23. E. M. Bautista, J. J. M. Meulenberg, C. S. Choi, and T. W. Molitor, “Structural polypeptides of the american (VR-2332) strain of porcine reproductive and respiratory syndrome virus,” Archives of Virology, vol. 141, no. 7, pp. 1357–1365, 1996. View at Scopus
  24. H. Mardassi, S. Mounir, and S. Dea, “Structural gene analysis of a Quebec reference strain of porcine reproductive and respiratory syndrome virus (PRRSV),” Advances in Experimental Medicine and Biology, vol. 380, pp. 277–281, 1995. View at Scopus
  25. L. Zhou, S. Chen, J. Zhang et al., “Molecular variation analysis of porcine reproductive and respiratory syndrome virus in China,” Virus Research, vol. 145, no. 1, pp. 97–105, 2009. View at Publisher · View at Google Scholar · View at Scopus
  26. M. Shi, T. T. Lam, C. C. Hon et al., “Molecular epidemiology of PRRSV: a phylogenetic perspective,” Virus Research, vol. 154, no. 1-2, pp. 7–17, 2010.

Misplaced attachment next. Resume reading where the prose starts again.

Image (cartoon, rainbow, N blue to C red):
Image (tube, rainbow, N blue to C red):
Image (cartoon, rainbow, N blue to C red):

27. B. Guo, Z. Chen, W. Liu, and Y. Cui, “Porcine reproductive and respiratory syndrome virus was isolated from abortive fetus of suspected PRRS,” Chinese Journal of Animal and Poultry Infectious Disease, vol. 87, no. 2, pp. 1–5, 1996.
  28. L. Zhou and H. Yang, “Porcine reproductive and respiratory syndrome in China,” Virus Research, vol. 154, no. 1-2, pp. 31–37, 2010. View at Publisher · View at Google Scholar · View at Scopus
  29. L. Zhou, Y. Y. Ni, P. Piñeyro et al., “Broadening the heterologous cross-neutralizing antibody inducing ability of porcine reproductive and respiratory syndrome virus by breeding the GP4 or M genes,” PLoS ONE, vol. 8, no. 6, 2013.
  30. K. Tian, X. Yu, T. Zhao et al., “Emergence of fatal PRRSV variants: unparalleled outbreaks of atypical PRRS in China and molecular dissection of the unique hallmark,” PLoS ONE, vol. 2, no. 6, Article ID e526, 2007. View at Scopus
  31. Y.-J. Zhou, X.-F. Hao, Z.-J. Tian et al., “Highly virulent porcine reproductive and respiratory syndrome virus emerged in China,” Transboundary and Emerging Diseases, vol. 55, no. 3-4, pp. 152–164, 2008. View at Publisher · View at Google Scholar · View at Scopus